As an antidote to temples and gardens we went to the Kyoto Aquarium, not far from the station. What I mostly wanted to see was the Japanese Giant Salamander, a newt that's well on the way to being a crocodile. The aquarium is quite new, and they obviously have their priorities right, because right inside the door was a fine display of local river fauna with several salamanders! A most impressive amphibian, though they win no points for beauty. After that the rest of the aquarium had a lot to live up to, but it was well done, with a huge ocean tank, dolphins and a range of smaller displays, including a rather sad-looking Tasmanian Giant Crab. I was pleased to see some giant deep sea slaters (Bathynomus sp.) on display, but I was quite overwhelmed when in the aquarium shop, along with dozens of giant salamander soft toys, I saw life-sized, soft toy giant slaters! Invertebrate soft toys: there should be more of them. I just had to bring one home.

Giant salamander, Kyoto Aquarium. No points in the beauty contest.

What's the collective noun for giant salamanders?

An unusual pair of soft toys.

And why not?? (He said, defensively).

We had another day with the temples on the western side of the city in the Higashiyama district. First Nanzen-ji a fine temple with a huge sanmon gate. It also has a zen garden, but the effect was slightly spoiled by the man in chest waders retrieving a tree that had disrespectfully fallen into the little lake. Eikan-do was perhaps our favourite temple, the combination of a pagoda with a view across the city, the grand temple hall with the "Buddha Glancing Backwards" and beautiful gardens. We walked on a little way on the "Philosopher's Path", a granite-paved path beside a small canal that would be covered in cherry blossom in the spring and named after a 20th century philosopher who was supposed to stroll the path "lost in thought".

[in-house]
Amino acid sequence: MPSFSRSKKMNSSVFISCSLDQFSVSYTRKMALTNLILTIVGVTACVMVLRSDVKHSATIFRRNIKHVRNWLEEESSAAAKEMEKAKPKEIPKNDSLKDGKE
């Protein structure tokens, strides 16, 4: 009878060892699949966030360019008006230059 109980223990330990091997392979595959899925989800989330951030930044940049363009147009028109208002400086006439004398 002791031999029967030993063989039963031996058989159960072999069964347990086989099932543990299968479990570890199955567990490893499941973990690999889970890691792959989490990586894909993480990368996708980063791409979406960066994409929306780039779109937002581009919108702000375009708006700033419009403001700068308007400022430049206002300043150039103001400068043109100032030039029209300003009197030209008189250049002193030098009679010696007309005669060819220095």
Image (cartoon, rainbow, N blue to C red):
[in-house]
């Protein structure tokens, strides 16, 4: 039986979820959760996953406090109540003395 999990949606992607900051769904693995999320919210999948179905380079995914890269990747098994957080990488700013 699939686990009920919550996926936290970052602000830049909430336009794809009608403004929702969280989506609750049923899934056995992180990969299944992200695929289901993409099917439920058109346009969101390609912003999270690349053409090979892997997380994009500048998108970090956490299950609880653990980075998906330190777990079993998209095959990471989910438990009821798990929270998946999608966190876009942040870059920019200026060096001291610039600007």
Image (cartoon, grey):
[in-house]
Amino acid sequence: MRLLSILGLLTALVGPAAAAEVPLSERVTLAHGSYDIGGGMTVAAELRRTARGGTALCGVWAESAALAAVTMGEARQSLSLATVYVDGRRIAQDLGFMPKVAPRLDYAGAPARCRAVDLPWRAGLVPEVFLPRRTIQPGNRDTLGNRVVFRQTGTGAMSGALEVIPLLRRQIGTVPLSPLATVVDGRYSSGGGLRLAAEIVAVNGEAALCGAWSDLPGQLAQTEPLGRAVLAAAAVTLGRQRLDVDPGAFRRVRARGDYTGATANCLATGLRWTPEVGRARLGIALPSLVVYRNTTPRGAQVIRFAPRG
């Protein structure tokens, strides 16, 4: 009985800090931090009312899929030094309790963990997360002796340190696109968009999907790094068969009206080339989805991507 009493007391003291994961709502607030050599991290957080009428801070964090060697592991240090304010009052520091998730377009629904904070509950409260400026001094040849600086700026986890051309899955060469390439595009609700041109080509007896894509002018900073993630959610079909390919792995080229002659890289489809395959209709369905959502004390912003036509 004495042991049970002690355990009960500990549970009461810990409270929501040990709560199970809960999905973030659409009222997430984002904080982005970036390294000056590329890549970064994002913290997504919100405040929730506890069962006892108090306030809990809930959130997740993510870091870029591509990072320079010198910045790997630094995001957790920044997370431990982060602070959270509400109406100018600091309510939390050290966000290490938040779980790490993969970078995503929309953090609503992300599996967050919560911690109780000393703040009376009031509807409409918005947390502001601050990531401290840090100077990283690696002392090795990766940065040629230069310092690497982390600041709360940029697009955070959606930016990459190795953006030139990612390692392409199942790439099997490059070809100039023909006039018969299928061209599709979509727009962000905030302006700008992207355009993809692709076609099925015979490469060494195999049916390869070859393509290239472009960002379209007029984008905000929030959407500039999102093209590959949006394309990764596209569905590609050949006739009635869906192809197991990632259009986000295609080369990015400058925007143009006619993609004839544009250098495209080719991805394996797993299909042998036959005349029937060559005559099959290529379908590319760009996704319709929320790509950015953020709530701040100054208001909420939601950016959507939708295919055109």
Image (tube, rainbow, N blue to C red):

Nanzen-ji, sanmon gate.

Water for ceremonial washing.

Water sometimes delivered in spectacular fashion.

Autumn colours, Eikan-do. 

 The Philosopher's Path. How often did he fall in?

 Temple in Gion. Pulling the ropes rings the bell. Clap three times and pray.

Geisha in Gion district (she was posing).

Our final encounter with Kyoto's history was at Nijo-jo, the castle built for the shogun in 1603. It has moats and massive granite walls surrounding it, and the wooden building was carefully arranged to show the superiority of the shogun over his guests, by subtle differences in floor and wall heights. And the "nightingale" floors were all carefully engineered with nails and wedges to squeak at the least pressure, and so give warning of potential assassins sneaking around at night. Nearby is the present day imperial palace, a relatively recent building, but in a huge public park that gave us a shady refuge for lunch after we had visited the textile district close by and seen silk being wound off silkworm cocoons.

 Nijo-jo castle. The outer moat and walls.

School group, outside the main gate of Nijo-jo. Yellow caps off for the photo. Note smaller, private school group to the right. 

Nijo-jo main gate, detail.

Main building, Nijo-jo. No photos inside!

Nijo-jo, inner moat and walls. The building was well-protected!

Venerable muku tree, outside the Imperial Palace, Kyoto.